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Hold the Brexit Con Artists to Account

London's High Court has thrown out a complaint charging that leaders of the UK's Leave campaign ahead of the UK's 2016 referendum lied. That is regrettable, because a hearing would have highlighted the danger that such lies can pose to a democracy.

PARIS – In late May, the Westminster Magistrates’ Court decided to hear a complaint brought by activist Marcus Ball, who had accused Boris Johnson, the former UK foreign secretary who is now leading the field to succeed Theresa May as prime minister, of lying during the 2016 Brexit referendum campaign. London’s High Court, however, reversed that decision and quashed the summons that would have compelled Johnson to testify about the Brexit campaign in open court.

The High Court’s decision is regrettable. A public hearing would have been highly welcome for two reasons. It would have exposed the lies of the Brexiteers – which have always seemed to me to be the best argument of those who want to stop Brexit. And, more generally, a hearing would have highlighted the danger that such lies can pose to a democracy.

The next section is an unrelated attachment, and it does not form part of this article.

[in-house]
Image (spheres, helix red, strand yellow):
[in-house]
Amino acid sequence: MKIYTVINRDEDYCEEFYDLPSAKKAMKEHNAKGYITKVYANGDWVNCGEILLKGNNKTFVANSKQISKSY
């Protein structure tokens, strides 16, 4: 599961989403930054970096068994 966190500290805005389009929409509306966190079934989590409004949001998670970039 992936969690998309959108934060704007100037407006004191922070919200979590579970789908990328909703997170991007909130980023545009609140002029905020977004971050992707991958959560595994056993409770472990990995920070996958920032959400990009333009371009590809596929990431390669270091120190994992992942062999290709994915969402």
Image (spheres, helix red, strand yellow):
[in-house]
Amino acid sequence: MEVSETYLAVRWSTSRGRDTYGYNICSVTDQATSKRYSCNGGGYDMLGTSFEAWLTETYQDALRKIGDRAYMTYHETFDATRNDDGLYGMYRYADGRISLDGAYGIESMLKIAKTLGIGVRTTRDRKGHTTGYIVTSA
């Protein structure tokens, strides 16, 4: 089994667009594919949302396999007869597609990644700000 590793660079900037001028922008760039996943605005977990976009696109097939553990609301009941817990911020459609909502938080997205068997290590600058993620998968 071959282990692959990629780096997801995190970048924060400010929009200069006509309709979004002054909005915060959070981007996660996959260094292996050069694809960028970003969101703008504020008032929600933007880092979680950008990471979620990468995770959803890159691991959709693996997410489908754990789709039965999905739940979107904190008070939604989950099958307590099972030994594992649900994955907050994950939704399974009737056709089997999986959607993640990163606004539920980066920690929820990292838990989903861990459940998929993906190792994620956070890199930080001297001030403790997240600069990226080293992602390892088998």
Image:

Of course, the United Kingdom should be free to choose to become Little England again. After all, populations have as much right to commit suicide as individuals do. But this is on one condition: that the choice is informed, deliberate, and freely made. No one should be pushed into it by harassment or incitement – an offense which, in the case of actual suicide, is subject to severe punishment.

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